Seroczyn Jewish Cemetery

Cemetery Information

Country
Poland
Region
Masovian Voivodeship
District
Siedlce
Settlement
Seroczyn
Site address
13, Gliniana Street.
GPS coordinates
52.0132655, 21.9168797
Perimeter length
392 metres
Is the cemetery demolished
yes
Type and height of existing fence
No fence
Preservation condition
Demolished Jewish cemetery that has not been built over
General site condition
The Jewish cemetery is situated in the north-western part of the village Seroczyn. The territory of the cemetery is a wooded area, not fenced, but not overgrown. The Municipality owns the property and the adjacent lands are in agricultural and residential use. The cemetery was demolished during WWII and restored between 2011-2015. Tombstones were returned to the area and information signs about the history of the Jews of the town and the cemetery were installed.
Number of existing gravestones
30. No tombstones in situ have been preserved. Several dozen matzevot were returned to the cemetery in the years 2011- 2015 and installed in the ground. Our field team discovered 20 standing intact and 10 fragments of tombstones. The granite tombstones and memorial markers, finely smoothed and inscribed, have Hebrew inscriptions.
Date of oldest tombstone
1851
Date of newest tombstone
1873, 1875, 1889
Urgency of erecting a fence
High
Land ownership
Municipality
Preserved construction on site
No
Drone surveys
Yes

Historical overview

In 1704, Marek Ajzykowicz and his father Ajzyk Wolfowicz were tenants in Seroczyn for a year. Jewish settlement began to develop in Seroczyn at the end of the 18th century. In 1921, 179 Jews lived in the village, most of whom were murdered in 1942 by the Germans in Treblinka.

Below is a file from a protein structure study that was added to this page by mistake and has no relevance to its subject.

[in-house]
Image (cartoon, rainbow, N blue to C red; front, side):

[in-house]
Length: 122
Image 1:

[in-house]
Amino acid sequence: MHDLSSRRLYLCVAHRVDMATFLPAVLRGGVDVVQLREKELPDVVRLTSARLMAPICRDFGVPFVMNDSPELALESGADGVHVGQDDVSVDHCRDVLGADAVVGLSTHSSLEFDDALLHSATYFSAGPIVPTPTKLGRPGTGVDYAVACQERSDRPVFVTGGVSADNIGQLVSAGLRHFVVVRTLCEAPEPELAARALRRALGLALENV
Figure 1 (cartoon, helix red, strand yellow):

The cemetery is located about 280 metres northwest of the village centre, on Gliniana Street, and covers a square plot of land with an area of 0.7824 hectares. The cemetery was likely established in the first half of the 19th century. There is a recorded mention of a kehilla in Seroczyn in 1820 and income from funerals was recorded in 1830. At the beginning of the 20th century, the cemetery had a wooden fence with a roofed gate. During World War II, the cemetery began to deteriorate. By order of the Germans, some tombstones were used to reinforce the roads and Seroczyn residents participated in the destruction process. Almost all of the matzevot and cemetery infrastructure were removed. The boundaries of the cemetery, however, were visible thanks to a preserved trench. On December 19, 1963, the Minister of Municipal Economy—in response to the resolution of the Presidium of the Municipal National Council dated August 28, 1962—signed an order to close the cemetery. The justification states:

“The last burial took place in 1943 and the cemetery has been closed since then. The cemetery is […] neglected, unfenced, overgrown with wild vegetation. There are no brick tombs. There are no tombstones on the graves. The cemetery needs to be cleaned up.”

In 2011, local community workers recovered over 20 matzevot in the village. In 2012, at the initiative of the Bogusław Werner Club in Seroczyn, the cemetery was cleaned. In 2013, an information board was placed at the entrance and, in 2014, the cemetery was cleaned by the Nissenbaum Family Foundation. In 2015, about 20 recovered matzevot were transported to the cemetery. Damian Lewandowski, a resident of Seroczyn, is the custodian of the cemetery. The cemetery is listed in the Provincial Register of Monuments.